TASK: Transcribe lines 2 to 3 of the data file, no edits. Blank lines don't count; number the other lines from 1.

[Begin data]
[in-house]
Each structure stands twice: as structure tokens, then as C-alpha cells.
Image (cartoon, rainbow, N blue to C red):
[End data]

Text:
Each structure stands twice: as structure tokens, then as C-alpha cells.
Image (cartoon, rainbow, N blue to C red):